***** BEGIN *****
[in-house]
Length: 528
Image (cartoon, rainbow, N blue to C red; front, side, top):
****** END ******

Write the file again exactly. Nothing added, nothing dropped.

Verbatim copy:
[in-house]
Length: 528
Image (cartoon, rainbow, N blue to C red; front, side, top):